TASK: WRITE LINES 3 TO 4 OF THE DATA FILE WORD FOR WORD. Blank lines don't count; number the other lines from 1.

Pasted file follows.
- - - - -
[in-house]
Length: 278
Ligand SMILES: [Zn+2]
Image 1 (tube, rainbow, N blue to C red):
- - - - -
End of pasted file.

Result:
Ligand SMILES: [Zn+2]
Image 1 (tube, rainbow, N blue to C red):